(CNSNews.com) - While President Obama makes his fund-raising rounds, his deputies, including EPA Administrator Gina McCarthy, are hard at work: "I do think what's happening here is the Obama administration recognizes that they only have a couple years left, and I just think you're going to see a blizzard of regulations over the next two years and five months," Sen. Mike Johanns (R-Neb.) said on Thursday.
Johanns said he and other Republicans on the Senate Agriculture Committee met with McCarthy this week to express their frustration with EPA's regulatory agenda -- particularly a proposed rule that would define what the agency can regulate under the Clean Water Act.
Farmers and ranchers are concerned that the proposal would give the federal government jurisdiction over farm ponds, ditches, and other low-lying areas that are often dry for most of the year. (The EPA says it's not true and has published a "ditch the myth" fact sheet to dispel what it calls "misconceptions.")
But Johanns said the proposed regulation "opens the door to costly new permits and fines for our nation's ag producers."
McCarthy knows the clean water rule has problems, but even so, the senator doubts the EPA will reconsider it:
"She acknowledges that in many parts of the rule, there's a lack of clarity. She acknowledges that it's very difficult to take the rule and describe whether lowland farming operation next to a river would be problematic. And so, I -- I do think she hears that. I do think she acknowledges that. I think she's open to that argument. And she does at least verbalize that there's problems with the rule."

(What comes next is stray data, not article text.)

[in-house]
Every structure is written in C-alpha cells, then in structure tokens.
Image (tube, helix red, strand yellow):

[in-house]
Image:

But while McCarthy is "very pleasant," she's also "very determined," Johanns said: "I'm just anxious to see how she takes all of this input and gives us a rule that we can work with. Because right at the moment, I think what they're saying is, 'Look, we're going to regulate everything unless we give you an exception.' And that means they're going to regulate everything. And so, I think it's a very serious problem."
"[T]hat's the attitude we've had at EPA since the Obama folks came to office, and I don't see it changing."
At Thursday's news conference, Johanns also announced that he has co-sponsored a resolution expressing disapproval of EPA's proposed clean air rule, which would require each state to meet carbon-reduction targets by 2030. The goal is to shift the United States away from fossil fuels (especially coal-fired plants) to "clean," renewable energy.
"The regulation...is part of the president's far-reaching environmental regulatory agenda," Johanns said. "The EPA regulation would require existing coal-fired power plants to reduce emissions 30 percent by 2030. The rule amounts to a new national energy tax because it would drive up electricity production costs. And, of course, that will be paid for by the consumer."
He said that's especially troubling for Nebraska, where 60 percent of the state's electricity is powered by coal.
"We all understand and appreciate the need for a clean environment. But the rule fails to address emissions by other countries that pollute more and regulate less. It's as if the administration believes that we're living in a bubble and emissions from places like China and India don't affect this. They do.
"The reality is this rule will have little or no impact on climate change, so we all feel the pain but there really isn't gain. The resolution I co-sponsored expresses our concerns and calls for the EPA to withdraw the burdensome and damaging rule."